Democratic presidential nominee Joe Biden rallied voters in Georgia on Tuesday, urging people to bring “your brother, your sister, your mom, your dad, your neighbour, your friends” and “drop them off at the ballot box” to help turn the state blue this November.
Mr Biden, who is virtually tied with Donald Trump in recent polls in Georgia, a state no Democrat has won since Bill Clinton in 1992, has his eyes on another prize besides the presidency: Democratic control of the Senate.
“I can't tell you how important it is that we flip the United States Senate,” Mr Biden said. “There's no state more consequential than Georgia in that fight. You have two competitive races here at stake. You have two great candidates who are going to need all the support they can get,” he said, referring to Democratic Senate candidates Jon Ossoff and Raphael Warnock.
Both of the Peach State’s Republican senators, Kelly Loeffler and David Perdue, are in tight races this fall for re-election (or just election, in the case of Ms Loeffler, who was appointed to her post last year by Governor Brian Kemp).
Mr Perdue is facing Mr Ossoff in a head-to-head battle, while Mr Warnock is facing Ms Loeffler and Republican Congressman Doug Collins in a special election to replace retired Senator Johnny Isakson, who left office for health reasons last year. If none of Mr Warnock, Ms Loeffler, or Mr Collins receives 50 per cent of the vote in that race, it will go to a runoff between the top two candidates.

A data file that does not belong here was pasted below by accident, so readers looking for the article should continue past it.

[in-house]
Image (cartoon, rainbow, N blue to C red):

“Let's give the people of Georgia two new senators who will fight for your interests, not for Donald Trump's interests, not continue as Perdue and others have to make fun of my running mate,” Mr Biden said on Tuesady, referring to the senior Georgia senator’s comments at a recent rally where he appeared to purposely mispronounce California Senator Kamala Harris’ name.
“I love how these guys try to degrade everything and everybody. It's got to stop. It's gonna stop with us. Folks, it’s go time. There's one week left,” Mr Biden said.
The former vice president proudly acknowledged at his drive-in rally in Atlanta on Tuesday that most elections experts did not expect Georgia to be in play for Democrats this cycle.
But changing demographics and suburban women’s increasing dissatisfaction with the Trump administration have shifted the state’s politics dramatically since the president beat Hillary Clinton by 5 percentage points there in 2016.
“You know, there aren’t a lot of pundits who would have guessed four years ago that a Democratic candidate for president in 2020 would be campaigning in Georgia in the final week of the election,” Mr Biden said on Tuesday.
“Or that we’d have such competitive Senate races in Georgia. But we do!” he said, prompting a fresh burst of honks from rally-goers listening from their cars.